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Ethylene Carbonate Free Electrolyte Extends Lifespan of High-Voltage Batteries

Researchers from Helmholtz Institute Münster and MEET Battery Research Center determine extended lifespan of lithium-ion batteries in the high-voltage range when ethylene carbonate is excluded.

Cover Advanced Energy MaterialsCopyright: Advanced Energy Materials

Until now, the solvent ethylene carbonate (EC) was considered a fundamental component of the electrolyte in lithium-ion batteries. The research results by a team led by Dr Johannes Kasnatscheew from Helmholtz Institute Münster (HI MS) and Dr Tobias Placke from MEET Battery Research Center not only proves that the electrolyte can be used without EC. The researchers also show that a longer battery cell life can be achieved with increased voltages and higher energy density when EC is excluded.

"The fluorophosphate-based species generated during battery application causes the mechanism. It ensures that the metals cobalt, nickel and manganese dissolved from the cathode are intercepted before they can damage the anode," explains Kasnatscheew.

In the past, researchers have faced the challenge of the cathode decomposing at elevated voltages and metals dissolving in the electrolyte. These migrate to the anode, settle there and cause a drop in service life as well as a safety risk, as short circuits can occur. This cascade of faults can be prevented by the formation of fluorophosphates, as the collaborative work between HI MS and MEET shows. The metals are intercepted before they can even reach the anode.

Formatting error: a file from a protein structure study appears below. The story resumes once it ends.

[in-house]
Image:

XPS measurements reveal the presence of fluorophosphates in EC-free electrolytes, which bind cobalt, nickel and manganese and render them ineffective in the electrolyte.XPS measurements reveal the presence of fluorophosphates in EC-free electrolytes, which bind cobalt, nickel and manganese and render them ineffective in the electrolyte.
Copyright: Advanced Energy Materials

The improvement in lifespan at increased charge voltages and energy densities was found in a highly simplified electrolyte system with the two components lithium salt and linear carbonate, without the addition of auxiliary substances such as additives. Sven Klein from MEET is optimistic: “The findings on the possibility of modification open up new perspectives for the formulation and design of electrolytes for battery cells. They enable systematic research and development in the field of high-voltage applications, for example for electromobility and stationary energy storage.”

Omitting EC creates new freedom for electrolyte development as the electrolyte does not need to be adapted to the added EC. For example, new material combinations for lower ambient temperatures can be considered.

Sven Klein, Stefan van Wickeren, Peer Bärmann, Bastian Heidrich, Dr Markus Börner, Dr Tobias Placke (MEET), Dr Stephan Röser, Dr Kristina Borzutzki, Dr Johannes Kasnatscheew (HI MS) and Prof. Dr Martin Winter (HI MS and MEET) published their results as a cover article in the journal "Advanced Energy Materials". The article is open access.